clock menu more-arrow no yes

Filed under:

Oakland A's 2017 Community Prospect List: The final Top 30 list!

New, 49 comments
Photo by Otto Greule Jr/Getty Images

Over the last two months, the Athletics Nation community has worked together to construct a top prospect list for the team via crowdsource votes. We voted on each spot individually, and we now have a complete list of the Top 30 Oakland A's prospects entering the 2017 season. Here it is! (Click here to learn more about each player.)

Oakland A's 2017 Community Prospect List
# Name Pos Age Level Acquired
1 Franklin Barreto SS 21 AAA Trade (Donaldson)
2 Matt Chapman 3B 24 AAA Draft (1R, 2014)
3 A.J. Puk LHP 22 A/A+ Draft (1R, 2016)
4 Jharel Cotton RHP 25 MLB Trade (Reddick/Hill)
5 Frankie Montas RHP 24 AAA Trade (Reddick/Hill)
6 Grant Holmes RHP 21 AA Trade (Reddick/Hill)
7 Matt Olson 1B 23 AAA Draft (1R, 2012)
8 Bruce Maxwell C 26 AAA Draft (2R, 2012)
9 Daniel Gossett RHP 24 AAA Draft (2R, 2014)
10 Max Schrock 2B 22 AA Trade (Rzepczynski)
11 Richie Martin SS 22 AA Draft (1R, 2015)
12 Daulton Jefferies RHP 21 A/A+ Draft (1R, 2016)
13 Renato Nunez 3B 23 AAA International
14 Norge Ruiz RHP 23 AA International
15 Lazaro Armenteros OF 18 RK/A- International
16 Dakota Chalmers RHP 20 A Draft (3R, 2015)
17 Chad Pinder SS 25 AAA Draft (2R, 2013)
18 Jaycob Brugman OF 25 AAA Draft (17R, 2013)
19 Joey Wendle 2B 27 AAA Trade (Moss)
20 Yairo Munoz SS 22 AA International
21 Logan Shore RHP 22 A+ Draft (2R, 2016)
22 Heath Fillmyer RHP 23 AA Draft (5R, 2014)
23 Raul Alcantara RHP 24 MLB Trade (Bailey)
24 Bobby Wahl RHP 25 AAA Draft (5R, 2013)
25 Sean Murphy C 22 A/A+ Draft (3R, 2016)
26 Paul Blackburn RHP 23 AAA Trade (Valencia)
27 Chris Iriart 1B 22 A+ Draft (12R, 2015)
28 Casey Meisner RHP 22 A+/AA Trade (Clippard)
29 Skye Bolt OF 23 A+ Draft (4R, 2015)
30 Tucker Healy RHP 27 AAA Draft (23R, 2012)

(The "Level" column features my own guesses at where each player will open 2017. The "Age" column refers to the age at which the player will play in 2017, even if he hasn't quite had his birthday yet.)

(If a prospect is dealt/cut before the end of spring, then RHP Skylar Szynski is next in line to take the open spot after finishing 31st in our voting.)

Where do they come from? Of the 30 names, 17 were drafted by Oakland (three each in 2012, ‘13, and ‘14; four each in 2015 and ‘16), four more were international signings, and the other nine came from seven different trades (the Reddick/Hill deal is the only one that represents multiple players on the current list). The seven trades include three since last July (Reddick/Hill, Rzep, Valencia), one from the 2015 deadline (Clippard), and several past high-profile All-Star sell-offs (Donaldson, Moss, Bailey).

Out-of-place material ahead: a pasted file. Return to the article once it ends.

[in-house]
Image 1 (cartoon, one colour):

Quick comparison to last year’s CPL:

  • 11 of the 30 players are new to the organization -- five via trade (three different deals), four from the top of the draft class, and two international signings.
  • Eight of those newcomers are in the top half of the list.
  • Another two players stepped up from within the organization to join the CPL (Iriart, T. Healy).
  • Therefore 13 members of last year’s CPL are gone, with the following breakdown: 4 graduates (Manaea, Mengden, Dull, R. Healy), 3 gone from the org (Overton, Covey, Ladendorf), and 6 more who simply lost support (Ravelo, White, Erwin, Wendelken, Pimentel, Driver).
  • Five players moved up the list without graduating, led by Maxwell (28 up to 8) and Gossett (27 up to 9).
  • 10 players moved down the list without falling off, especially Meisner (9 down to 28), Munoz (7 down to 20), and Pinder (5 down to 17).

The farm had a weird year in 2016 and it’s tough to say that it simply got better or worse. The CPL as arranged last year turned out somewhat backward, as most of the Top 10 either disappointed or completely flopped while nearly as many names from the bottom half of the list broke out and raised their stocks (if not outright graduated).

Meanwhile, the A’s added substantially to the system. In basic terms, they had two Top 100 prospects last winter and one of them graduated (Manaea); since then, they’ve drafted or acquired four more guys who made multiple Top 100 lists, in addition to one of their own prospects raising his stock enough to crack a few (Chapman). They have unquestionably increased their top-level talent, which itself is one small reason for the fact that more prospects moved down from the 2016 list than up — four of the top six spots are held by newcomers.

Here’s a different visualization I came up with. Throughout the voting I keep track of each winner’s margin of victory, to give an idea of how much separation there is between each place on the list. This is far from scientific, but theoretically the gaps should illustrate the notable drop-offs from one general tier of talent to the next, while the bunches reveal the parts of the list that are effectively ties.